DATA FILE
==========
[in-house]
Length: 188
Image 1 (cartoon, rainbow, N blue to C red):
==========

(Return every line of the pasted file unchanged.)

[in-house]
Length: 188
Image 1 (cartoon, rainbow, N blue to C red):